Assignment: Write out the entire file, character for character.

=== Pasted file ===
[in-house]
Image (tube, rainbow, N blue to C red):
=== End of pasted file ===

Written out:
[in-house]
Image (tube, rainbow, N blue to C red):